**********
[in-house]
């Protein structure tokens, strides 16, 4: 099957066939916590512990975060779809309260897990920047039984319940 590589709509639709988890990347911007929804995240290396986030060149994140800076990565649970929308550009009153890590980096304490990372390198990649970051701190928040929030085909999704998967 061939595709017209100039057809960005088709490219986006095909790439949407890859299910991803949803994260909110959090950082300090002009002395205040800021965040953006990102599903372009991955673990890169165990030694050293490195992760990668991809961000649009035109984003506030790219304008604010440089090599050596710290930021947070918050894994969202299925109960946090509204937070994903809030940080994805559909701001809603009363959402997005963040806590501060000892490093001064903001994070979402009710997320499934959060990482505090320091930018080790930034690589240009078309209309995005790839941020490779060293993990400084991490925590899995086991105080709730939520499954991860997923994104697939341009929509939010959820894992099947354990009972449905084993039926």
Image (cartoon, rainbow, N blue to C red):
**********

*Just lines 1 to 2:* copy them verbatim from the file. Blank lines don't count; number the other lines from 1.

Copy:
[in-house]
């Protein structure tokens, strides 16, 4: 099957066939916590512990975060779809309260897990920047039984319940 590589709509639709988890990347911007929804995240290396986030060149994140800076990565649970929308550009009153890590980096304490990372390198990649970051701190928040929030085909999704998967 061939595709017209100039057809960005088709490219986006095909790439949407890859299910991803949803994260909110959090950082300090002009002395205040800021965040953006990102599903372009991955673990890169165990030694050293490195992760990668991809961000649009035109984003506030790219304008604010440089090599050596710290930021947070918050894994969202299925109960946090509204937070994903809030940080994805559909701001809603009363959402997005963040806590501060000892490093001064903001994070979402009710997320499934959060990482505090320091930018080790930034690589240009078309209309995005790839941020490779060293993990400084991490925590899995086991105080709730939520499954991860997923994104697939341009929509939010959820894992099947354990009972449905084993039926």